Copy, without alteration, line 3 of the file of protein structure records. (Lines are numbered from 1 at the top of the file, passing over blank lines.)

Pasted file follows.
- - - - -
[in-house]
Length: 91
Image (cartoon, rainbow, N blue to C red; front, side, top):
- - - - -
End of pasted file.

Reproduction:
Image (cartoon, rainbow, N blue to C red; front, side, top):